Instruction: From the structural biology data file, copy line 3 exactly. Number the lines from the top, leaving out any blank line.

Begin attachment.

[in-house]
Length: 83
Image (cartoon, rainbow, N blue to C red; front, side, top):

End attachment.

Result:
Image (cartoon, rainbow, N blue to C red; front, side, top):